Alexa now does follow on questions!

Alexa now does follow on questions!

We quickly learn patterns that work (and don’t work) with new tech. If something changes, we don’t always notice, because why would you try something that didn’t work (or mess with something that did)?

I’m very grateful to someone who alerted me in a private e-mail that Alexa has “gotten smarter”…she now remembers the topic of the conversation from question to question, meaning conversation gets much easier and more natural.

For example, it used to be true that if I said, “Alexa, how tall is Chris Pine?” and then wanted to know when the actor was born, I couldn’t just say, “Alexa, when was he born?” I had to say, “Alexa, when was Chris Pine born?”

That’s changed now!

Me: “Alexa, how tall is Chris Pine?”

Alexa: “Chris Pine’s height is 6 feet and 1 inch (184 centimeters).”

Me: “Alexa, how old is he?”

Alexa: “Chris Pine is 36 years old.”


Notice that I didn’t have to identify Chris Pine on the second question…Alexa remembered that’s who we were discussing.

Another example:

Me: “Alexa, who is Casey Affleck?”

Alexa: “Caleb Casey McGuire Affleck is an American actor and director.”

Me: “Alexa, who is his brother?”

Alexa: “Casey Affleck’s brother is Ben Affleck.”


I was quite impressed when I then asked, “Alexa, how tall is he?”

That’s a somewhat ambiguous question: am I talking about Casey or Ben at that point? I was thinking Ben, since he was the most recently discussed…and that’s the answer I got.

Alexa: “Ben Affleck’s height is 6 feet and 2 inches (1.89 meters).

It’s not just people.

Me: “Alexa, what is the capital of California?”

Alexa: “California’s capital is Sacramento, California.”

Me: “Alexa, how many people live there?”

Alexa: “The population of Sacramento, California, is about 466,000.”

It’s not always going to work (it doesn’t always work with people speaking your language, either…we sometimes get confused about the subject of a conversation).

Me: “Alexa, what is the tallest mountain in Peru?”

Alexa: “The tallest mountain in Peru is Huascaran.”

Me: “Alexa, what is the longest river there?”

Alexa didn’t understand the question.

I tried the sequence again, but this time said, “Alexa, what is the longest river in that country?” Alexa couldn’t find an answer.

Still, this is a considerable step forward. It’s not only clearly more efficient, it’s more natural. We want our talktech to learn to speak the way that we do, not the other way around. We’ve always done the latter with computers…when I was in high school, taking Basic could satisfy the foreign language requirement…

Google was already able to do follow on questions, but it’s nice to see it coming to Alexa.

I have access to the four main digital assistants: OK Google (they don’t name it), Siri (Apple), Cortana (Microsoft), and Alexa (Amazon).

I tried that same sequence on the others:

Me: “Siri, how tall is Chris Pine?”

Siri: “Chris Pine is 6′ 0.8” tall.

Me: “How old is he?”

Siri: “The answer is 36 years 4 months and 14 days.”

Siri did it, but I feel like Alexa’s answer is more natural, and I like that Alexa clarified the who the person was in the response.

Me: “Ok, Google. How tall is Chris Pine?”

OG: “Chris Pine is 6 feet tall.”

Me: “Ok, Google. How old is he?”

OG: “He’s 36 years old.”

OG’s language is perhaps more like a human’s would be. Interesting, looking at the “cards” on the phone, OG gave a lot more interesting and relevant information. It gave me heights for other people who are searched (Tom Hardy, Chris Pratt…) and showed me other questions people ask about Chris Pine. I would say OG seemed to contextually understand the question the best so far. The card from Siri looked very clinical, with all sorts of measurement conversions (including yards).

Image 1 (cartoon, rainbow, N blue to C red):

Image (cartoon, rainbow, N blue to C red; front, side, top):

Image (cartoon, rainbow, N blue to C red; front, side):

Alexa, by the way, showed me a picture…and linked to Wikipedia and offered to do a Bing search. Now, I do have to say that it’s nice that Alexa keeps a running record of our conversations…with OG, I think the first question disappeared from my display when the second was answered.

Me: “Cortana, how tall is Chris Pine?”

Cortana: “Chris Pine is six feet.”

Me: “Cortana, how old is he?”

Cortana: “Chris Pine is 36 years old.”

Cortana also showed me other information (Zachary Quinto’s height is interesting…clearly, Cortana realized they work together), and offered a Bing search as well as “See more about Chris Pine.”

This is a tough competition to call…Alexa gets a plus for showing me the series of questions, but I liked Cortana’s relevancy in the height comparisons the best. OG, though, showed me more “nearby” information. Siri was probably my least favorite…there is little question Apple has fallen behind a bit in this field, but I’m guessing they are working on a major upgrade.

Regardless, it’s nice to see Alexa getting this big improvement!

If you have other questions you would like me to test with the “Four Assistants”, feel free to let me know by commenting on this post.

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2 Responses to “Alexa now does follow on questions!”

  1. Edward Boyhan Says:

    This is good to know. One thing that I’ve noticed Alexa doing (which to me is more impressive):
    ME: “Alexa wake me up at 9 tomorrow”
    Alexa: “did you mean AM or PM”
    Me: “AM”
    Alexa: “Alarm set for 9AM tomorrow”
    She’s also smart enough to take cognizance of current time. If at 8AM I ask her to wake me at 11, she’ll ask if I mean AM or PM. However, if at 11AM I ask her to wake me at 3, she’ll respond with “Alarm set for 3PM today”

  2. Round up #160: Alexa expands, AWF Lockers arrive | I Love My Kindle Says:

    […] Alexa now does follow on questions! […]

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